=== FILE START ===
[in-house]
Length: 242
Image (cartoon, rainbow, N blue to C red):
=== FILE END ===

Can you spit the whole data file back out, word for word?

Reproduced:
[in-house]
Length: 242
Image (cartoon, rainbow, N blue to C red):